The goal of this article is to teach you how to use price to earnings ratios (P/E ratios). We'll look at Lion Rock Group Limited's (HKG:1127) P/E ratio and reflect on what it tells us about the company's share price. What is Lion Rock Group's P/E ratio? Well, based on the last twelve months it is 5.59. That is equivalent to an earnings yield of about 18%.
How Do I Calculate A Price To Earnings Ratio?
The formula for price to earnings is:
Price to Earnings Ratio = Price per Share ÷ Earnings per Share (EPS)
Or for Lion Rock Group:
P/E of 5.59 = HK$1.23 ÷ HK$0.22 (Based on the year to December 2018.)
Is A High P/E Ratio Good?
A higher P/E ratio means that investors are paying a higher price for each HK$1 of company earnings. That isn't necessarily good or bad, but a high P/E implies relatively high expectations of what a company can achieve in the future.
Does Lion Rock Group Have A Relatively High Or Low P/E For Its Industry?
The P/E ratio essentially measures market expectations of a company. If you look at the image below, you can see Lion Rock Group has a lower P/E than the average (12.2) in the commercial services industry classification.
Its relatively low P/E ratio indicates that Lion Rock Group shareholders think it will struggle to do as well as other companies in its industry classification. Since the market seems unimpressed with Lion Rock Group, it's quite possible it could surprise on the upside. If you consider the stock interesting, further research is recommended. For example, I often monitor director buying and selling.
How Growth Rates Impact P/E Ratios
Earnings growth rates have a big influence on P/E ratios. That's because companies that grow earnings per share quickly will rapidly increase the 'E' in the equation. That means even if the current P/E is high, it will reduce over time if the share price stays flat. So while a stock may look expensive based on past earnings, it could be cheap based on future earnings.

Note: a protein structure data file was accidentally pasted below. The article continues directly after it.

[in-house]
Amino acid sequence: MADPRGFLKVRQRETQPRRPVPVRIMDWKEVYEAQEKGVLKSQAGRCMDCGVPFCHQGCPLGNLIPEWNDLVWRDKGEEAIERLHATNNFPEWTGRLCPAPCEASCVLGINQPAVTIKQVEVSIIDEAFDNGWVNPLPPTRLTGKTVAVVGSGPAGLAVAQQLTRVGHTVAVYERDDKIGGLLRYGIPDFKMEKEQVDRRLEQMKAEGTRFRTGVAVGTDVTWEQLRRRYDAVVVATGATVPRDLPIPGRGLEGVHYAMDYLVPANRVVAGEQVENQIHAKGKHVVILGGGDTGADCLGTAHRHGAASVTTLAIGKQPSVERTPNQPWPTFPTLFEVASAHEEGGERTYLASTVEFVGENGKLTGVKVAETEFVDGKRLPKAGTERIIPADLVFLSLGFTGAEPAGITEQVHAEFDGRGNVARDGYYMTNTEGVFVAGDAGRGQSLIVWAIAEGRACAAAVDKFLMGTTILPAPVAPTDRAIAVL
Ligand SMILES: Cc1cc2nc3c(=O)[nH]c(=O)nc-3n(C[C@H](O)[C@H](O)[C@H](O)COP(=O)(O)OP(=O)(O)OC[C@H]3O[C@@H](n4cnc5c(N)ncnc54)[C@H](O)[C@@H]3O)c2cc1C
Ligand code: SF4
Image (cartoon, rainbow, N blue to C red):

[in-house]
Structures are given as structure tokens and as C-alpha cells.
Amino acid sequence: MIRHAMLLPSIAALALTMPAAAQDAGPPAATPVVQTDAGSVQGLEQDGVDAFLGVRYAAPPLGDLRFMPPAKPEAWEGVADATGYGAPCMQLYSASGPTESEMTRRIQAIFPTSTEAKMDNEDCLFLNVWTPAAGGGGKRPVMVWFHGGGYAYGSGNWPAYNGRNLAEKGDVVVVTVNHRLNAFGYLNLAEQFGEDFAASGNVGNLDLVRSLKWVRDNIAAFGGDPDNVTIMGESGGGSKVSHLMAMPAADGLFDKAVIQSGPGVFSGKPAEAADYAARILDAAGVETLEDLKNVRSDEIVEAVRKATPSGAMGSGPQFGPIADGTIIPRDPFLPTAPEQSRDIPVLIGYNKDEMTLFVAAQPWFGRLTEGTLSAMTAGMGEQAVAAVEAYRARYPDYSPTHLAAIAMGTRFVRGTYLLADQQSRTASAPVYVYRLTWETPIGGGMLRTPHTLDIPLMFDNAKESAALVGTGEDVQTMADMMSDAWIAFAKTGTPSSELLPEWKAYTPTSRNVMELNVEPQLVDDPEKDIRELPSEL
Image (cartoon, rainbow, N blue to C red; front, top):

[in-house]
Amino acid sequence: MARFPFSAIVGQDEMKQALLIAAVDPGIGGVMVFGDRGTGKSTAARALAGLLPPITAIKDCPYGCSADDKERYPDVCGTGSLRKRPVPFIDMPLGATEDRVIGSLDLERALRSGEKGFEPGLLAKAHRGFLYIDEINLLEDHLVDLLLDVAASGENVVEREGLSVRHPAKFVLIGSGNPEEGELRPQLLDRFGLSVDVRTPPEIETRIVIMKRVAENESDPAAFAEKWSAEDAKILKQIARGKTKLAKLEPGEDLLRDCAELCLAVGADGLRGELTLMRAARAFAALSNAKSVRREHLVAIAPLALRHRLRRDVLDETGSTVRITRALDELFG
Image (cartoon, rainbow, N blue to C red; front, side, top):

It's great to see that Lion Rock Group grew EPS by 15% in the last year. And earnings per share have improved by 5.7% annually, over the last five years. So one might expect an above average P/E ratio.
Don't Forget: The P/E Does Not Account For Debt or Bank Deposits
It's important to note that the P/E ratio considers the market capitalization, not the enterprise value. That means it doesn't take debt or cash into account. The exact same company would hypothetically deserve a higher P/E ratio if it had a strong balance sheet, than if it had a weak one with lots of debt, because a cashed up company can spend on growth.
Such expenditure might be good or bad, in the long term, but the point here is that the balance sheet is not reflected by this ratio.
So What Does Lion Rock Group's Balance Sheet Tell Us?
Lion Rock Group has net cash of HK$223m. This is fairly high at 23% of its market capitalization. That might mean balance sheet strength is important to the business, but should also help push the P/E a bit higher than it would otherwise be.
The Verdict On Lion Rock Group's P/E Ratio
Lion Rock Group's P/E is 5.6 which is below average (9.9) in the HK market. The net cash position gives plenty of options to the business, and the recent improvement in EPS is good to see. The relatively low P/E ratio implies the market is pessimistic.
Investors have an opportunity when market expectations about a stock are wrong. If it is underestimating a company, investors can make money by buying and holding the shares until the market corrects itself. Although we don't have analyst forecasts, you might want to assess this data-rich visualization of earnings, revenue and cash flow.
You might be able to find a better buy than Lion Rock Group. If you want a selection of possible winners, check out this free list of interesting companies that trade on a P/E below 20 (but have proven they can grow earnings).
We aim to bring you long-term focused research analysis driven by fundamental data. Note that our analysis may not factor in the latest price-sensitive company announcements or qualitative material.
If you spot an error that warrants correction, please contact the editor at firstname.lastname@example.org. This article by Simply Wall St is general in nature. It does not constitute a recommendation to buy or sell any stock, and does not take account of your objectives, or your financial situation. Simply Wall St has no position in the stocks mentioned. Thank you for reading.